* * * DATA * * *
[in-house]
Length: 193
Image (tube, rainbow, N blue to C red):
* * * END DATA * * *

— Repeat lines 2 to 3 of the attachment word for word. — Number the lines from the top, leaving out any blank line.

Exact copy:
Length: 193
Image (tube, rainbow, N blue to C red):